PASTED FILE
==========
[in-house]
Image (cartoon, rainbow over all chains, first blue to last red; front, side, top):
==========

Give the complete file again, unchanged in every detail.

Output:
[in-house]
Image (cartoon, rainbow over all chains, first blue to last red; front, side, top):